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Blocked ducts or mastitis? How to tell the difference

You’ve finally gotten the hang of breastfeeding and—oh no, is that a lump?

If you’ve felt a lump or soreness on your breast you’ll want to know the difference between mastitis and a blocked duct and you’ll want to seek treatment early.

The difference between mastitis and blocked ducts

A blocked duct

A blocked duct is where milk flow is obstructed in an area of the breast.

Symptoms can include:

  • Reddened area of the breast which becomes tender, hard and painful.
  • There can, occasionally, be tenderness or pain without an obvious lump.
  • Occasionally a low-grade fever (less than 38.5 degrees Celsius) can be present.

Common causes:

  • poor attachment.
  • tight or poorly fitted clothing.
  • only sleeping on one side (which causes pressure on the breast).
  • holding your breast tightly during feeding or expressing.
  • white spot on your nipple.
  • stress and fatigue.
  • anaemia.

Side effects:

  • Milk supply from the affected breast may temporarily decrease. This is normal. Extra feeds or expressing breast milk will return your supply to normal.
  • You may see strings of thick or fatty-looking breast milk.
  • After the blocked duct has resolved, the area can feel bruised or look reddened for a week or so.

Mastitis

Mastitis is an inflammation of the breast that can be caused by a blocked duct, infection or allergy. Symptoms can include:

  • Reddened area of the breast which becomes tender, hard and painful.
  • There can, occasionally, be tenderness or pain without an obvious lump.
  • Fever of 38.5 degrees Celsius or higher.
  • In most cases, the pain/heat/swelling is more intense than it is with a blocked duct.
  • There can be red streaks that extend away from the affected area.
  • Often rapid onset of flu-like symptoms, such as joint aches and pains, extreme tiredness.

Common causes:

  • delayed treatment of a blocked duct.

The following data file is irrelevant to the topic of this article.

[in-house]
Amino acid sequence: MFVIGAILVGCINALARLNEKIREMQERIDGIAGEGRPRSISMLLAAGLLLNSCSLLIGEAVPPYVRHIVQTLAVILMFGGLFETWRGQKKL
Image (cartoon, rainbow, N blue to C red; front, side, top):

• previous mastitis.
  • damage to the nipple.
  • oversupply of breastmilk.
  • poor attachment.
  • poor general health.
  • poor hygiene (eg. not changing breast pads, not washing hands after changing nappies and touching baby’s sticky eyes etc).
  • anaemia.

Side effects:

  • Milk supply from the affected breast may temporarily decrease. This is normal. Extra feeds or expressing breast milk will return your supply to normal.
  • You may see strings of thick or fatty-looking breast milk.
  • After the blocked duct has resolved, the area can feel bruised or look reddened for a week or so.
  • If your baby is breastfeeding they may fuss due to a change in the taste of breast milk. It may taste salty due to increased sodium and chloride content.
  • Occasionally your breast milk might contain blood or pus.

How to manage blocked ducts and mastitis

It is important to start treatment at the first sign of mastitis. If your doctor has prescribed antibiotics it is important to take these as instructed and finish the entire course.

If needed you can take pain medications such as paracetamol or ibuprofen as they are both safe during breastfeeding.

If you have mastitis or a block duct you should

  • Breastfeed or express every two hours (or as often as possible) and empty your breasts well (especially the affected breast).
  • Feed from the affected breast first. If it is too comfortable start on the other side and switch after letdown.
  • Try feeding while learning forward so gravity may help to drain the breast
  • If you can still feel a lump after breastfeeding, express until the breast feels drained.
  • Massage over the affected area while expressing
  • Rest.
  • Drink enough fluids and eat nutritious foods.
  • Use heat and massage before breastfeeding or expressing.
  • Apply warm compresses to your breast (warm pack of face washer rinsed under hot water).
  • Massage the breast in a warm shower or try to hand express.
  • Loosen your bra or restrictive clothing before feeding or expressing.

How to reduce the risk of reoccurring mastitis and blocked ducts

  • Do not wear bras, or other clothing, that are too tight.
  • Try not to sleep on your stomach.
  • Do not go for long periods without breastfeeding or expressing.
  • Rest when you can.
  • Drink adequate fluids.
  • Make sure you have correct attachment (seek help from a lactation consultant or midwife if you’re unsure).
  • Ensure the breast pump is positioned correctly, if you are expressing.
  • Regularly examine your breasts for lumps and massage these while feeding or expressing.
  • This is not the time to wean. You need to drain your breast frequently (via feeding and/or expressing) to avoid a breast abscess.

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Mater patients can access support from the Mater Mothers Parenting Support Centre. For more information or to make a booking, please contact the centre on 07 3163 2229 or visit matermothers.org.au/parenting-support-centre.

About Mater lactation consultants

Mater's team of lactation consultants understand every aspect of breastfeeding from milk supply to correct latch technique. They are trained to help mothers start and continue breastfeeding with success.

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